Discuss what might be considered relevant or irrelevant evidence.
- If someone who had been present at the event reported, “I was there and the crowd looked bigger than anything I’ve seen,” would this be relevant evidence? (This is anecdotal evidence, the testimony of personal experience. It can be valuable, but it must be tested against other evidence, such as an aerial photograph that shows more than one person might be able to see)
- Should the photographic evidence be considered relevant? (Yes, but it must be tested for validity)
In this case, it would seem clear that, if the first claim is the factual claim, then the photographic evidence would seem to be conclusive. Poll students for their opinions on this: Who thinks the evidence is conclusive or not? Discuss dissenters’ opinions and ask:
- What should be our next step to determine what or who to believe? (Examine the evidence carefully, to determine if it is real or altered)
- How do we do that? (Look for alternative sources for photos of these events, and compare them; enlarge them to see if they may have been altered or “photo-shopped.”)
- What if our own efforts are inconclusive? How might we determine the validity of the photos? (We can submit them to experts)
- What kind of experts would we need to call on to make this determination? (A respected expert in political science, for example, who is familiar with both of Mr. Obama’s inaugurations—remember, there were two—and with Mr. Trump’s, as well. They may well have useful information, such as actual numbers. As well, a digital photograph expert could check for alterations, the accuracy of the weather (clouds, etc.) and any other clues for alteration).
- What if the sources of evidence are biased, or have a strong vested interest in the claim, for or against? (Bias may lead someone to choose one kind of evidence over another. To the extent that other kinds of evidence are ignored, biased evidence is considered less conclusive. If all evidence is considered and if it proves one view, even if it is the biased view, it is still valid. In short, just because someone is biased does not mean they cannot present or use evidence fairly)
Finally, ask: What is a simple way to fact-check what you see or read in social media? (Use online fact-checkers, such as Snopes or Hoaxslayer. Note that these are considered quite thorough and reliable). Reinforce the fact that by spreading false news or lies, people can be hurt. Most ethicists would consider this morally wrong.)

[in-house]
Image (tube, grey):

When we have completed these tests, and if all the research shows that the claim was for the crowd in Washington, only, and that the photos are not retouched or altered, are we justified in believing that the original claim was false? (By most scientific standards, yes)
Next, summarize the process through which you applied a rational process to determining the truth of the claim:
- Be clear about the “what.” What was the claim?
- Gather and evaluate the evidence for and against the claim, from both sides of the argument;
- Determine relevance of the evidence;
- Determine bias in the evidence or those providing it, if possible;
- Determine the validity/reliability of the evidence;
- Examine and evaluate alternative explanations of the claim, if any exist;
- To get a second opinion, run the claim through Snopes.com and Hoaxslayer, to see if their researchers agree.
- Decide to believe or not to believe the claim.
For homework, ask students to critically examine two of these common headlines and claims in social media: 1) The White House will not display a Christmas Tree because it is politically incorrect; 2) President Obama was not born in the United States; 3) the 9/11 terrorists entered the United States from Canada; 4) immigrants are a major source of terrorism in Canada.
Consolidation of Learning:
- Discuss the homework assignment, noting any changes in the way students come to believe or disbelieve truth claims.
- Students can apply a generally consistent series of steps to determine the validity of statements, or claims.
- Students report to class on what they believe are questionable claims by politicians or others.